US Economy

Americans are living the dream, but not loving it

The real American dream: More stuff
The real American dream: More stuff

A new survey shows most Americans feel they aren't living the American dream, despite being wealthier and more educated than ever.

The study, conducted by the marketing firm DDB, found that only 40 percent of American adults believed they were living the dream.

However, 66 percent of Americans owned a home, 78 percent received a good education, and 74 percent said they've found a decent job—all widely believed to be part of the American dream.

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The disconnect may be because achieving and maintaining the American dream have become so difficult that people are not enjoying it, said Mosche Cohen, former professor at Columbia Business School.

People are trying to "shoehorn themselves into this concept of the American dream, and they are losing the freedoms it's supposed to provide," he said in an interview with CNBC's "Power Lunch."

Marianna Massey | Digital Vision | Getty Images

Americans may work hard in school, get a good job, marry, and buy a home, but fast-forward a few years and they may find themselves with children, living in a home that is now too small, clinging to a job they don't love anymore, and living paycheck to paycheck.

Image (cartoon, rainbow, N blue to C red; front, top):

"They're living the dream, but they're not loving it anymore," Cohen said.

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According to Diana Elliott from Pew Charitable Trusts, which conducts similar studies, achieving the American Dream comes down to financial security and wealth.

"Americans are not feeling as [financially] secure as perhaps they were before the Great Recession," she said. "The American dream is really about having a little bit extra at the end of the month and being able to springboard … your children into the future."

Redefining the American Dream
Redefining the American Dream

Of those polled in the DDB study, 81 percent believed they would be able to give their children a better life than they had.

"Americans hold great hope for their children and the prospects for their children and the future," Elliott said. "If you ask the question of Americans what they think children in general would experience, it would be very different from what people believe their own children will experience."

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Cohen said part of being American is always striving for more. However, he believes it's important to pause and recognize that progress is being made.

"You take a step back and you say things are getting better. Are they enough? Never, because life is about growing higher and higher, but things are getting better," he said.

—By CNBC's Michelle Fox